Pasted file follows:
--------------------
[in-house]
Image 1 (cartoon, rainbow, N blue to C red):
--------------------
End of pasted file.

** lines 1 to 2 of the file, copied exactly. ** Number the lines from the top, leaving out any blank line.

[in-house]
Image 1 (cartoon, rainbow, N blue to C red):